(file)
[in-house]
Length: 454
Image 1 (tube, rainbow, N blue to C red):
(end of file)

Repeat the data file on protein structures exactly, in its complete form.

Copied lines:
[in-house]
Length: 454
Image 1 (tube, rainbow, N blue to C red):